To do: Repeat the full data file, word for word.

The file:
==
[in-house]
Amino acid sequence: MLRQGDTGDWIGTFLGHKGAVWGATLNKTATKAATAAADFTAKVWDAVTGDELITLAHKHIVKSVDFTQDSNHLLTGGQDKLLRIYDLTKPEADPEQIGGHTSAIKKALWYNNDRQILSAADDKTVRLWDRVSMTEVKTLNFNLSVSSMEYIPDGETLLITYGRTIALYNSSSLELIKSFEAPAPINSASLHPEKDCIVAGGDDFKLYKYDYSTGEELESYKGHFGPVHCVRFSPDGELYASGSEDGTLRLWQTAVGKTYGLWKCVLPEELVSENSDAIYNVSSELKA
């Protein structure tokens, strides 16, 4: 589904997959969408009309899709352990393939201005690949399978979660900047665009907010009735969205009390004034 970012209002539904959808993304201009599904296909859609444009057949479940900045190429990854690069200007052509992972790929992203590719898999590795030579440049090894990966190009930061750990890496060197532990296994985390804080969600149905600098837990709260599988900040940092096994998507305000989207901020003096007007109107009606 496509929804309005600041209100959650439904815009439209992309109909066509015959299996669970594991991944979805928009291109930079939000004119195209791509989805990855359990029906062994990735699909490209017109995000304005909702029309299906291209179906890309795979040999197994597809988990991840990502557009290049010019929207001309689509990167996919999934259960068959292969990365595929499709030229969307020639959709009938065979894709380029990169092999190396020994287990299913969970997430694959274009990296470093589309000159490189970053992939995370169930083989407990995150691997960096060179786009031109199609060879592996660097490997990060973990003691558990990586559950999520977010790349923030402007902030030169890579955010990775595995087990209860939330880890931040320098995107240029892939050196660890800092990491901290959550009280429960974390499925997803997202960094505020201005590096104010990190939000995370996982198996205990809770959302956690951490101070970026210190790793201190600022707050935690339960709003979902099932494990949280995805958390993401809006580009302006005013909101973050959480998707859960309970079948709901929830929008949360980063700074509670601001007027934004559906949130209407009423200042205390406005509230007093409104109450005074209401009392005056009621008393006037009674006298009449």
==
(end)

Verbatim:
[in-house]
Amino acid sequence: MLRQGDTGDWIGTFLGHKGAVWGATLNKTATKAATAAADFTAKVWDAVTGDELITLAHKHIVKSVDFTQDSNHLLTGGQDKLLRIYDLTKPEADPEQIGGHTSAIKKALWYNNDRQILSAADDKTVRLWDRVSMTEVKTLNFNLSVSSMEYIPDGETLLITYGRTIALYNSSSLELIKSFEAPAPINSASLHPEKDCIVAGGDDFKLYKYDYSTGEELESYKGHFGPVHCVRFSPDGELYASGSEDGTLRLWQTAVGKTYGLWKCVLPEELVSENSDAIYNVSSELKA
């Protein structure tokens, strides 16, 4: 589904997959969408009309899709352990393939201005690949399978979660900047665009907010009735969205009390004034 970012209002539904959808993304201009599904296909859609444009057949479940900045190429990854690069200007052509992972790929992203590719898999590795030579440049090894990966190009930061750990890496060197532990296994985390804080969600149905600098837990709260599988900040940092096994998507305000989207901020003096007007109107009606 496509929804309005600041209100959650439904815009439209992309109909066509015959299996669970594991991944979805928009291109930079939000004119195209791509989805990855359990029906062994990735699909490209017109995000304005909702029309299906291209179906890309795979040999197994597809988990991840990502557009290049010019929207001309689509990167996919999934259960068959292969990365595929499709030229969307020639959709009938065979894709380029990169092999190396020994287990299913969970997430694959274009990296470093589309000159490189970053992939995370169930083989407990995150691997960096060179786009031109199609060879592996660097490997990060973990003691558990990586559950999520977010790349923030402007902030030169890579955010990775595995087990209860939330880890931040320098995107240029892939050196660890800092990491901290959550009280429960974390499925997803997202960094505020201005590096104010990190939000995370996982198996205990809770959302956690951490101070970026210190790793201190600022707050935690339960709003979902099932494990949280995805958390993401809006580009302006005013909101973050959480998707859960309970079948709901929830929008949360980063700074509670601001007027934004559906949130209407009423200042205390406005509230007093409104109450005074209401009392005056009621008393006037009674006298009449």